Richard North, 22/04/2015  
 

000a Bulgaria-022 fence.jpg

There are land-routes, direct and indirect, from Africa and the Middle East to EU Member State territory. The most convenient for African migrants are into the two Spanish-owned city enclaves, sharing borders with Morocco. One is Melilla located on the north coast of Africa, with an area of less than five square miles, and the other is Ceuta, a seven square mile enclave located opposite Gibraltar.

Entry from Morocco had always been restricted but attempts to prevent migration took on a new form in the early 1990s when the cities started constructing border fences - Ceuta in 1993 and Melilla in 1996. They now comprise parallel 4m wire fences, topped with razor wire with a tarmac strip running between patrolled by the Guardia Civil, all monitored by video cameras, infrared and acoustic sensors, and helicopters.

An alternative route is via Turkey and then across the border to Greece. In mid-August 2012, however, to stem the flow of migrants, the Greek government deployed more than 1,800 additional police officers in Operation Aspida (Shield).

The government also commissioned the construction of four-metre-high barbed-wire fence, the works costing more than €3 million. By the end of October, less than ten migrants a week were making it across the border. Overall, crossings dropped from 15,877 in the first five months of 2012 to 336 in the same period in 2013.

Predictably, migrant focus shifted to the next (and last) land route, via Bulgaria. Sharing a land border with Turkey, in 2013, this country experienced a significant rise in asylum applications, from 1,387 in 2012 to 7,144 in 2013, peaking in the second half of the year, the vast majority were fleeing the conflict in Syria.

The Bulgarian response was to devise a "containment plan", deploying 1,500 additional police to patrol the border. This was followed by the construction of a security fence on a 20-mile stretch of the country's 170-mile border, run mainly through forested, hilly areas where visibility for border patrols was limited.

A 50-mile extension was then announced in January 2015, at an estimated cost of €46 million, after the number of asylum seekers successfully crossing the border had been cut from around 11,000 in 2013 to 6,000 in 2014, while the number of attempts to cross from Turkey had doubled to 38,500.

Noting the irony, on 5 April, the New York Times published a photograph of the new "wall" (top), contrasting it with a picture of the decaying (and far more modest) Cold War construction (below). "Bulgaria Puts Up a New Wall, but This One Keeps People Out", it headlined.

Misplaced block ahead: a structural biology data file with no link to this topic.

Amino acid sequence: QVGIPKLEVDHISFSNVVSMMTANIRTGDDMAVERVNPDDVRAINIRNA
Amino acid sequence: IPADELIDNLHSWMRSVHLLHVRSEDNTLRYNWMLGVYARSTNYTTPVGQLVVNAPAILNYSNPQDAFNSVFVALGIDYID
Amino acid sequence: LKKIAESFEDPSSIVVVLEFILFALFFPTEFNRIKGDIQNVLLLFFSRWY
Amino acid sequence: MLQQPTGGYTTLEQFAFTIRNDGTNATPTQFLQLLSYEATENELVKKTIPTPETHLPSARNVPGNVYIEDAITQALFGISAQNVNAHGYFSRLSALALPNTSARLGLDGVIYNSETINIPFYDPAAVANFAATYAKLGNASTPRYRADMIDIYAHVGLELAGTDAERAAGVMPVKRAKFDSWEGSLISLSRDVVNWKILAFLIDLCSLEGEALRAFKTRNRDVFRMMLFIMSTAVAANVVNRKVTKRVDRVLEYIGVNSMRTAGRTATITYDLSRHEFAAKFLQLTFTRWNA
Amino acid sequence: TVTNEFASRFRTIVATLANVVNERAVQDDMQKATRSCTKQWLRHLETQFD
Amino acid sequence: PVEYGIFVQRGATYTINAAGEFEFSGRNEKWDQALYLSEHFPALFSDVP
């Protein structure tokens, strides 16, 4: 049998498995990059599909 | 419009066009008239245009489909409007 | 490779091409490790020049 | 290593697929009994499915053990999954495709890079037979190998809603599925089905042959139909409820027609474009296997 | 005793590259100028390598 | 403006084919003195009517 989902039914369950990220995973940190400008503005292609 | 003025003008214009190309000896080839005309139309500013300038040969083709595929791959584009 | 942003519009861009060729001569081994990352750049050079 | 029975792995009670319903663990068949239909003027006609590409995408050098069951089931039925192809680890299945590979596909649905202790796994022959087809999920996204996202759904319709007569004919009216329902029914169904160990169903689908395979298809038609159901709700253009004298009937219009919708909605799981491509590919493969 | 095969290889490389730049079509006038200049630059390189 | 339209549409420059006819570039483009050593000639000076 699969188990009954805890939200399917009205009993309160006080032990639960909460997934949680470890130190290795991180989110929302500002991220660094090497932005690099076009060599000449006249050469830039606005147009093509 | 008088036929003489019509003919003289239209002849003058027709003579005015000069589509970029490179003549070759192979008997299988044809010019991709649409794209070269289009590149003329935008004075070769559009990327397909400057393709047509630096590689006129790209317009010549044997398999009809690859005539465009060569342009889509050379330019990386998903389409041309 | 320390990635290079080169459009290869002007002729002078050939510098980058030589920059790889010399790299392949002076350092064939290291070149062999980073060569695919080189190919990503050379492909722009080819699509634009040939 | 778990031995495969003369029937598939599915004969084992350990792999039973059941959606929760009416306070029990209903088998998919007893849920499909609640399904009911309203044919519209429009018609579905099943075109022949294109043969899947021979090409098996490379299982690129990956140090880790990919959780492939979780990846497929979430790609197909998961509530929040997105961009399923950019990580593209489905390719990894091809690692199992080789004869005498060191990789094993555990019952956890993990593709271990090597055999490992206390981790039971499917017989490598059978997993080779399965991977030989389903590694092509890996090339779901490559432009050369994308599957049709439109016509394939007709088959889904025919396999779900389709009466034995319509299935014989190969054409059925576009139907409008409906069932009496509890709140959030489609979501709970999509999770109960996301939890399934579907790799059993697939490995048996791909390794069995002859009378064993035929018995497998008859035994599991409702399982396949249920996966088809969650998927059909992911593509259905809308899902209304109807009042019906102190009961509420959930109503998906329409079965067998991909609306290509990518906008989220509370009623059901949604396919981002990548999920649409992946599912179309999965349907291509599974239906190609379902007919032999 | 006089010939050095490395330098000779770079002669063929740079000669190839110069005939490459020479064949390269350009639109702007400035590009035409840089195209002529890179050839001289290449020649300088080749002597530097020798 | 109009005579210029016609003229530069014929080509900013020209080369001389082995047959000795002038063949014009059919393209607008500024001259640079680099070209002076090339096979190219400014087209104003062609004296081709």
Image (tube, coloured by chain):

000a Bulgaria-022 fence cold war.jpg

And, in the wave of gushing emotion being churned out by the British (and other) media, this is the point that is being missed. Given a choice, asylum seekers would be taking the easiest and safest routes into the territory of EU Member States.

The reason they do not is because these routes have been closed down, respectively by the Spanish, Greek and Bulgarian governments, with the acquiescence of the EU and the assistance, in the case of Greece and Bulgaria, of its Frontex border agency.

Driven to seek the sanctuary of Europe - and taking up the EU's invitation to seek asylum – desperate would-be migrants have taken to the boats. They do so because, if they want to get into the territory of EU Member States, they have no option.

It is then totally illogical for the EU then to propose to extend the rescue operations in the Mediterranean, and for others to demand that the UK joins them, while the prime minister makes pledges he can't keep. For all that, the solution is simple. If we want to stop the drowning, we have to insist that the fences are taken down. The migrants should then be allowed in on foot, by bus or by train.

But, of course, there is the hypocrisy of it all. We do not want these people in the EU, so we allow the barriers to be erected, and (collectively) we make it more and more difficult and dangerous for the migrants to reach their destinations – all in the hope that they will be dissuaded from coming. And when they keep coming, and numbers drown in the process, the media weeps crocodile tears and demands action.

On the other hand, we get the Australian prime minister, Tony Abbott, telling us that the only way to stop the drowning is to stop the boats coming – and to offshore the asylum-seeker processing – as his country has done. However, Tony Abbott, the Australian politician, doesn't understand that EU Member States can't follow suit as long as the Charter of Fundamental Rights is part of the Lisbon Treaty.

Between the fences and the Lisbon Treaty, EU Member States are as trapped as the migrants who travel the dangerous routes to their territories. And so they have to go through the charade of caring about the people they have put in harm's way, and giving the unwanted survivors a free pass into their territories, expending millions on avoidable rescue operations in the process.

Thus we find ourselves having to do things we don't want to do, for absolutely no good reason, to achieve an unwanted outcome, with no ability to change things. As Booker noted, this has to be the ultimate failure of policy.






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